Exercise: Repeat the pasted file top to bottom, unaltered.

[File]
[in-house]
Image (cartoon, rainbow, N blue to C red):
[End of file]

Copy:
[in-house]
Image (cartoon, rainbow, N blue to C red):